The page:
Will Wilkinson in TNR:
[I]t irks me that, as far as most Americans are concerned, Ron Paul is the alpha and omega of the libertarian creed. If you were an evil genius determined to promote the idea that libertarianism is a morally dubious ideology of privilege poorly disguised as a doctrine of liberation, you'd be hard pressed to improve on Ron Paul.
Much of Paul's appeal comes from the impression he conveys of principled ideological coherence. Other Republican presidential aspirants are transparently pandering grab-bags of incoherent compromise. Ron Paul presents himself as a man of conviction devoted to liberty, plain and simple, who follows logic's lead and tells it plain. The problem is, often he’s not.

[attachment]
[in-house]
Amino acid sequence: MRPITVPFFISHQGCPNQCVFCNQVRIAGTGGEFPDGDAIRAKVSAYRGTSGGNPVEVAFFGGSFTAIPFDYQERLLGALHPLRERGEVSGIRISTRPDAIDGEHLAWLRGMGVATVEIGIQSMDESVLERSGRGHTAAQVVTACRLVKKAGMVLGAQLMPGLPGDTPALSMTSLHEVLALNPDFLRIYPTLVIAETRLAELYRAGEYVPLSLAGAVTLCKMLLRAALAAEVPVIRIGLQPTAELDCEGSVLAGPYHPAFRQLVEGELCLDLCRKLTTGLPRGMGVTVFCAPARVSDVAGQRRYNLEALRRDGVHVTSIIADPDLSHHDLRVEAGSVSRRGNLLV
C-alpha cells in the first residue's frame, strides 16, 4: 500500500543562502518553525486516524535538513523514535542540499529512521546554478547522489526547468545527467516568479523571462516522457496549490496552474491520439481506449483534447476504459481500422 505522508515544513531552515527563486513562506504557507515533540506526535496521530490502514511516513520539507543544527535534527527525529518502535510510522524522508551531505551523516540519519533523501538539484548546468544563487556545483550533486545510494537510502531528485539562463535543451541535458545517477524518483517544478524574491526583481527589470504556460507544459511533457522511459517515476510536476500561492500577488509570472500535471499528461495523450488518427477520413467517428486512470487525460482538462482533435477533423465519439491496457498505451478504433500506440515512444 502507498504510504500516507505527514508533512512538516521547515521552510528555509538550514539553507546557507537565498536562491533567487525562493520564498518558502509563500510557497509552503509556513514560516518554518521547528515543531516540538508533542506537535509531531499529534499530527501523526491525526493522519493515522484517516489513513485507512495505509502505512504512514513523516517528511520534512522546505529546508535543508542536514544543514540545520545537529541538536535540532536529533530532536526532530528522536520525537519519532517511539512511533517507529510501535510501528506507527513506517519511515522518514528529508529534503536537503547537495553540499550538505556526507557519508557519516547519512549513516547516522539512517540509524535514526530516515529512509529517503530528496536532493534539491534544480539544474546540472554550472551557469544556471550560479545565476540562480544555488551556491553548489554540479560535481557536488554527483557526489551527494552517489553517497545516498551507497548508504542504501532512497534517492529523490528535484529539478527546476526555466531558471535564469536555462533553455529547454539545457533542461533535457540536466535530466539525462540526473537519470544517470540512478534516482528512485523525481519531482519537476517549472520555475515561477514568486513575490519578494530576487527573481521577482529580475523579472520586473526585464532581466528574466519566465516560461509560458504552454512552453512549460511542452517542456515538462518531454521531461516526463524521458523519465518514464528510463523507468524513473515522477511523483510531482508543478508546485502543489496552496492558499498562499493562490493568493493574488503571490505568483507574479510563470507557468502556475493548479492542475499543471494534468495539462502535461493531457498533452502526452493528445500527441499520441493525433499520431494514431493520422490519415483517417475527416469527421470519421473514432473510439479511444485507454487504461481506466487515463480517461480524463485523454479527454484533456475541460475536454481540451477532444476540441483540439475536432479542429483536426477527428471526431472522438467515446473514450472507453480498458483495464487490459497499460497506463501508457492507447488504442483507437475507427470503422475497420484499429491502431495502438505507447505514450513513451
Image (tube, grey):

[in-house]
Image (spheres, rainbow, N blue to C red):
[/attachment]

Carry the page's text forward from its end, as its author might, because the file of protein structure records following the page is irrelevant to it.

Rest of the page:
According to Paul's brand of libertarianism the inviolability of private property is the greater part of liberty. And Paul is crystal-clear about the policy implications of his philosophical convictions about property rights. As Paul writes in his 2009 book Liberty: A Manifesto, the income tax implies that “the government owns you, and graciously allows you to keep whatever percentage of the fruits of your labor it chooses.” To Paul, the policy upshot is evident: “What we should work toward … is abolishing the income tax and replacing it not with a national sales tax, but with nothing.” Whatever you think of this, you can't accuse Paul of dancing around the issue. However, Paul is not so dogged in consistently applying his principles in other domains.